printf is the only builtin way to reformat a number in a different base and only bases 8, 10 and 16 are supported.
bash (contrary to shells like
fish), using command substitution implies forking a subshell. You can use
printf -v here to avoid the subshell (also available in recent versions of
print -f) which also supports printing into arrays):
printf -v NEWBASE '%#X' "$((BASE + OFFSET))"
bash, contrary to
$((...)) is subject to word splitting, so needs quoted to avoid the dependency on
zsh, you can specify the expansion base as part of the arithmetic expansion syntax (bases 2 to 36):
$ echo $(([#16] 0xff + 0xff))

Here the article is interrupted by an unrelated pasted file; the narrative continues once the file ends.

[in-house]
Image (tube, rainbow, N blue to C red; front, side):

$ echo $(([##16] 0xff + 0xff))
$ echo 0x$(([##16] 0xff + 0xff))
$ echo $(([##2] 0xff + 0xff))
With ksh and zsh, you can also force the expansion of an integer variable to be in a specific base with:
typeset -i 16 NEWBASE
The expansion will be in the
16#1FE form. ksh93 supports bases up to 64,
mksh up to 36.
printf builtin supports outputting number in arbitrary bases as well with or without the
$ printf '%..2d\n' 0x1FE
$ printf '%#..2d\n' 0x1FE
var=$(printf...) doesn't fork a subshell so is as efficient as